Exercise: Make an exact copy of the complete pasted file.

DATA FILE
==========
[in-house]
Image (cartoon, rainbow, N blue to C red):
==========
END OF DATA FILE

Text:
[in-house]
Image (cartoon, rainbow, N blue to C red):